The movie “The Monuments Men” opens Friday, Feb. 7. It’s the story of an unlikely platoon of soldiers sent to Europe toward the end of World War II to rescue art masterpieces. It’s based on a true story, and some of the real Monuments Men had ties to Nebraska.
Monuments Men Foundation, the real "'Monuments Men' were a group of approximately 345 men and women from 13 nations, most of whom volunteered for service in the newly created Monuments, Fine Arts and Archives (MFAA) section during World War II. Many had expertise as museum directors, curators, art historians, artists, architects, and educators. Their job description was simple: to protect cultural treasures so far as war allowed. In the last year of the war, they tracked, located, and in the years that followed, returned more than five million artistic and cultural items stolen by Hitler and the Nazis. Their role in preserving cultural treasures was without precedent. The Monuments Men remained in Europe for up to six years following the conclusion of fighting to oversee the complicated restitution of stolen works of art.”
The Monuments Men with Nebraska connections were Jesse Boell and Gilbert Doane (neither of whom are featured in the movie).
Boell was born in 1899 in Hickman, Neb., and went on to earn a bachelor’s degree from Nebraska Wesleyan University and master’s degree from the University of Nebraska, both in American history. He moved to Wisconsin for further graduate studies at the University of Wisconsin, and stayed to serve as state director of the Wisconsin Historical Records Survey. According to an article published by the University of Wisconsin-Madison News, Boell’s role in the Monuments Men involved “working under the archivist of the United States in Washington, D.C.,” where he “spent much of the war in the National Archives as assistant director of the War Records Office, directing the preservation and security of highly classified State Department records.”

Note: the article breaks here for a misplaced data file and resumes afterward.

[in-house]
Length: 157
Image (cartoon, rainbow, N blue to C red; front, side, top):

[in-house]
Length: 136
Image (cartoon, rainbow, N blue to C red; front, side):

Boell, in a letter he wrote to a colleague, also described having “the job of coping with Nazi records in salt mines in northern Germany.” Boell told his colleague that “at first they tried to bring the records ‘as is’ to the surface, but the humid air coming in contact with the salt dust on the documents caused the papers to shrivel and they had to clean the documents down in the mine.”
According to the University of Wisconsin-Madison News article, “at the end of the war, Boell accepted his position as an archives officer with the MFAA in Germany. He served in the German military government, participating in the Nuremberg Trials. The type of work Boell undertook not only assisted Allied forces but helped the new German government piece itself together out of fragmented records.”
Originally from Vermont, Doane lived in Lincoln, Neb., and worked at the University of Nebraska as a librarian and professor from 1925 to 1937, leaving to serve as director of libraries at the University of Wisconsin. The University of Wisconsin-Madison News story noted Doane took a leave of absence from his job in 1943 “and left to serve as a captain. A January 1944 letter to his good friend 'Dyk' outlined some of the intensive training undertaken by Doane and his colleagues: seven lectures on military organization, four weeks on the administration of occupied territory and significant attention to the history of military government. Doane much preferred the last, given its ‘decidedly academic flavor’ by a Professor Gabriel from Yale. When Doane retired as a major in 1945, he eagerly returned to the university.”